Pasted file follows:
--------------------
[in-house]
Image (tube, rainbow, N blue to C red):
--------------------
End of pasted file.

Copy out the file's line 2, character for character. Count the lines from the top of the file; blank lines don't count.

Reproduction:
Image (tube, rainbow, N blue to C red):